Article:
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The GW Hatchet


The GW Hatchet

Serving the GW Community since 1904

The GW Hatchet

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Long-serving economics professor dies

Former economics professor Robert Dunn died last Thursday evening of an apparent heart attack, chair of the department Robert Phillips said Tuesday.

Dunn taught at GW for 41 years, teaching both microeconomics and macroeconomics, as well as international trade and finance at the undergraduate and graduate level. He retired in 2009 and was one of the University’s most well-known instructors .

Dunn taught more students than anyone else in the department because he taught large lectures, Phillips said.

“A lot of people will miss him. We will certainly miss him,” Phillips said. “He left us too soon.”

University spokeswoman Michelle Sherrard said Dunn was an expert in the field of economics, authoring articles in renowned journals and newspapers like The Washington Post and The New York Times.

“Dr. Dunn authored and co-authored numerous publications, including the textbook ‘International Economics,’ which is now in its sixth edition from Routledge Publishing; articles in the ‘Journal of Political Economy,’ ‘Princeton Essays in International Finance’ and ‘Foreign Affairs,’ among others; and wrote 39 columns for the Washington Post and nine op-ed columns for the New York Times,” Sherrard said.

Students and colleagues recalled Dunn as a professor who brought the real world into the classroom with a good attitude.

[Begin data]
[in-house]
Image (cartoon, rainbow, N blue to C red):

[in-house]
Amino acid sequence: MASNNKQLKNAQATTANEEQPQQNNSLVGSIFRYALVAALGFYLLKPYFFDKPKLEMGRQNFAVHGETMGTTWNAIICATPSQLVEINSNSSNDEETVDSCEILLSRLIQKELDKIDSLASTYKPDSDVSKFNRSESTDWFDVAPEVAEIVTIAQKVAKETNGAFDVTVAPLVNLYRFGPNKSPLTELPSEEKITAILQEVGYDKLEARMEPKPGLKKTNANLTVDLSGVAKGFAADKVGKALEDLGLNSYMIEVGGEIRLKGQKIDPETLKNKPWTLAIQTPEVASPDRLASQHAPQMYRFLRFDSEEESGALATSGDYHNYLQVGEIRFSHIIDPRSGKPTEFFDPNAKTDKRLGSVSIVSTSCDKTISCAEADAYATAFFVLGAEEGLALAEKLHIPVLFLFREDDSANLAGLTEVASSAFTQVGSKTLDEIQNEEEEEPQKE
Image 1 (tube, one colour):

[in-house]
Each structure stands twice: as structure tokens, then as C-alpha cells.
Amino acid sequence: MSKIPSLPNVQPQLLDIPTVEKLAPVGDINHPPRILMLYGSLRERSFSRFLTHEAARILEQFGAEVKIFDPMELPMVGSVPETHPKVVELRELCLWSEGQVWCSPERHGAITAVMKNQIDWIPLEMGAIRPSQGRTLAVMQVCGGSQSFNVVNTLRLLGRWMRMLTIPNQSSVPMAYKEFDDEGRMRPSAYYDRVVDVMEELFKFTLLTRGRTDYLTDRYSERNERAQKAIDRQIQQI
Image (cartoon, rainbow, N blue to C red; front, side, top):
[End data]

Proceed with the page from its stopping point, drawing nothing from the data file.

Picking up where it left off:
“He was engaged with students. At the end of every class there would be at least 10 or 15 students that would go up to him and either have questions or kids who just wanted to ask his opinion on economics today,” said sophomore Harris Abrams, who had Dunn for Introduction to Macroeconomics last spring.

Senior Alexandra Levin said in an e-mail that Dunn was a tough professor, but by challenging students he could truly engage them. She said she took Introduction to Macroeconomics with Dunn her freshman year.

“His passion for economics was undeniable by the witty anecdotes he told before each lesson,” she said. “Despite his demanding teaching style, Professor Dunn was obviously a softy on the inside, and all of his students knew it.”

Dunn’s storytelling went beyond the classroom and into his relationship with his colleagues, Phillips said.

“He had a wonderful sense of humor, and enjoyed telling a good story,” Phillips said.

A memorial service will be held this Saturday, Feb. 27 at 2 p.m. at St. Alban’s Episcopal Church, 3001 Wisconsin Ave. NW.

Emily Cahn contributed to this report.

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